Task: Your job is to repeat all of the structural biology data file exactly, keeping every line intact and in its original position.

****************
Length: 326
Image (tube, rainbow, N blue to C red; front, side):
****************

Length: 326
Image (tube, rainbow, N blue to C red; front, side):